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Storing information is one of the most important challenges organizations face, especially those in the healthcare sector. Many facilities turn to data centers to ensure that their stored data is organized, available, and secure. One of the hardest parts of this process is that the data not only consists of the existing records that companies acquire over time, but also the continuous stream of new, incoming information. As methods of retaining and storing information have changed, the actual asset, the data center, has not. Fundamentally, we are now able to translate old information archives into digital data to be stored with the new. But the actual physical location of this data is another evolving issue to contend with, and it poses the issue of whether it is better to retain a piecemeal approach or go new.
In the case of healthcare institutions, federal law now requires patient data to be stored electronically. While practical and effective, it is a method many institutions were not using, and have had to put into practice. One of the biggest unknowns with healthcare providers, which retain and receive large amounts of patient data, has always been the volume of data. How much space, both virtual and physical, that data will take up is also unknown.
Throughout the process of acquiring and storing digital data, institutions have gone from requiring hard drives and servers to needing buildings full of them. The biggest problem here is that most organizations don’t know that, when they begin storing data electronically, they might have to build 20,000 square feet of clean, fully redundant, server storage space specifically for this purpose. This leaves organizations in one of three positions:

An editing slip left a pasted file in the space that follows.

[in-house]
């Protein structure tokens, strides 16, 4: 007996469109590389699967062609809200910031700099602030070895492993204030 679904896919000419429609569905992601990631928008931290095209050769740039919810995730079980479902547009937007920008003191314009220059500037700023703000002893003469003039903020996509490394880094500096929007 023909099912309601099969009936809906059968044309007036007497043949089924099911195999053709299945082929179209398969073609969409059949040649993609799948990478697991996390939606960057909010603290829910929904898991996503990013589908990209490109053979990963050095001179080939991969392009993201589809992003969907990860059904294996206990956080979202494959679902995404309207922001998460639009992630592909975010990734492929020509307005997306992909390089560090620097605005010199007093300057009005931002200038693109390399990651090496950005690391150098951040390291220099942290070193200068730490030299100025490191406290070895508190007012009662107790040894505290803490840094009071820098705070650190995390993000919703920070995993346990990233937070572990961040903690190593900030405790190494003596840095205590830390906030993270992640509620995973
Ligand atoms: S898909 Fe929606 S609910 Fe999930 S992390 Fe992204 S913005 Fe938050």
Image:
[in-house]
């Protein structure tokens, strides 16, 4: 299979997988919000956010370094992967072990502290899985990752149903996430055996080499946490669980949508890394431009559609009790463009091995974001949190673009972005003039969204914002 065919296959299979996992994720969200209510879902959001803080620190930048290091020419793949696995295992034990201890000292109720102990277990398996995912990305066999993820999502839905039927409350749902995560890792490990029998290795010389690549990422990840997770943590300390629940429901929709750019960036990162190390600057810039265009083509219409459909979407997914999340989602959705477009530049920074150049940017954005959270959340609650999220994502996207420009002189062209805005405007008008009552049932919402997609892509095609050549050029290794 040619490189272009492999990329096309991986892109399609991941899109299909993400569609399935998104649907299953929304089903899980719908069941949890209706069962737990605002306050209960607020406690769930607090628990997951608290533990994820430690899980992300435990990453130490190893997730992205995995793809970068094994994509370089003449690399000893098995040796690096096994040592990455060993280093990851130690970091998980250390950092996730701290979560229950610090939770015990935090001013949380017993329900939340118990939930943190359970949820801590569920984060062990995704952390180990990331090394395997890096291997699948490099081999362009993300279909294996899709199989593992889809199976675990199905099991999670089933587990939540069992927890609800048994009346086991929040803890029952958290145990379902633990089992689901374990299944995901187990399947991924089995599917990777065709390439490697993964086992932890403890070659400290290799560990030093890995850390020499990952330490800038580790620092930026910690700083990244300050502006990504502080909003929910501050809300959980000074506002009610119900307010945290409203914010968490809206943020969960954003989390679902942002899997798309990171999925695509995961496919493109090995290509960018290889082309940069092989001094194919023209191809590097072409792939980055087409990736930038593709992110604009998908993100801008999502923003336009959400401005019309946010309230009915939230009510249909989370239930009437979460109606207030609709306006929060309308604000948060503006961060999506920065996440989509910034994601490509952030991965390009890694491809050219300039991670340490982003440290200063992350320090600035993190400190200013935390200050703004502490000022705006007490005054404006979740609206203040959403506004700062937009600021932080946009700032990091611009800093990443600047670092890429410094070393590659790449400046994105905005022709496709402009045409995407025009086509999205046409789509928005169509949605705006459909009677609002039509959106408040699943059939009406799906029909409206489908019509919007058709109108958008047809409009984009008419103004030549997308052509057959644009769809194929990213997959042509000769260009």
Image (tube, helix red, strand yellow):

1. A patchwork of spaces in different buildings across the corporate campus, which houses a multitude of data centers.
2. The data centers are consolidated into an existing building that is not suited for data center programs, primarily the white space and necessary infrastructure backup. The space might not be efficiently laid out or structurally robust, or it might be located in a high-risk location.
3. The most desirable position is when the institution has invested in the construction of a new building that is specifically designed and located to be its new data center.
Healthcare institutions are businesses, and while the construction of a new data center does not generate new revenue for healthcare institutions like a new medical facility does, data centers can cost as much as a new medical facility. That’s the reason most hospitals find themselves with a patchwork of data center spaces or a data center in an existing building not really suited to the purpose. However, the data center needs to be viewed as being just as much a part of a healthcare provider’s overall revenue stream as the medical facilities themselves. Data should be treated as generated revenue in this regard; if the data stops, so too does a large part of the medical machine.
It’s possible the cost of storing an organization’s data in an inappropriate facility or spread out in high-risk buildings can, over time, outweigh the cost of building a new data center. It comes down to being proactive, not reactive. The one-time capital expenditure for a new data center, which offers the efficiency of new technology, should provide returns on investment that justify the costs, not to mention improvement in risk mitigation and marketability.
Rethinking Healthcare Data Centers: Piecemeal Approach Versus New